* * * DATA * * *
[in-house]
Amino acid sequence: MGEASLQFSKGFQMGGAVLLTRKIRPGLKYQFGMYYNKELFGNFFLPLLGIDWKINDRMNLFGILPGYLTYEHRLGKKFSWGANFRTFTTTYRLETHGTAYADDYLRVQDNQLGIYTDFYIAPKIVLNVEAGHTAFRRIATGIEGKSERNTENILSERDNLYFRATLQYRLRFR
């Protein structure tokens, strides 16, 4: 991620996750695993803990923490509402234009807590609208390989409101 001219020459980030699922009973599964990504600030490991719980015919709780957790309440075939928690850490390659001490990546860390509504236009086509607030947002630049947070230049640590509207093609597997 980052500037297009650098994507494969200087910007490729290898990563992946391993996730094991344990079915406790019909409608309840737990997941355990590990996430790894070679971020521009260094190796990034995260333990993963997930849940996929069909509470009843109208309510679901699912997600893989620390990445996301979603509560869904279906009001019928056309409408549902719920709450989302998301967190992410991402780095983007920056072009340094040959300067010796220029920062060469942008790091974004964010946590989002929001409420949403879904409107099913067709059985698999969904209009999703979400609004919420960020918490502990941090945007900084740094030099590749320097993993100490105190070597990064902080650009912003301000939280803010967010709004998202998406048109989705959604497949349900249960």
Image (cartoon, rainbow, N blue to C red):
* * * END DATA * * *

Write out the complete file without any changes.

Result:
[in-house]
Amino acid sequence: MGEASLQFSKGFQMGGAVLLTRKIRPGLKYQFGMYYNKELFGNFFLPLLGIDWKINDRMNLFGILPGYLTYEHRLGKKFSWGANFRTFTTTYRLETHGTAYADDYLRVQDNQLGIYTDFYIAPKIVLNVEAGHTAFRRIATGIEGKSERNTENILSERDNLYFRATLQYRLRFR
């Protein structure tokens, strides 16, 4: 991620996750695993803990923490509402234009807590609208390989409101 001219020459980030699922009973599964990504600030490991719980015919709780957790309440075939928690850490390659001490990546860390509504236009086509607030947002630049947070230049640590509207093609597997 980052500037297009650098994507494969200087910007490729290898990563992946391993996730094991344990079915406790019909409608309840737990997941355990590990996430790894070679971020521009260094190796990034995260333990993963997930849940996929069909509470009843109208309510679901699912997600893989620390990445996301979603509560869904279906009001019928056309409408549902719920709450989302998301967190992410991402780095983007920056072009340094040959300067010796220029920062060469942008790091974004964010946590989002929001409420949403879904409107099913067709059985698999969904209009999703979400609004919420960020918490502990941090945007900084740094030099590749320097993993100490105190070597990064902080650009912003301000939280803010967010709004998202998406048109989705959604497949349900249960």
Image (cartoon, rainbow, N blue to C red):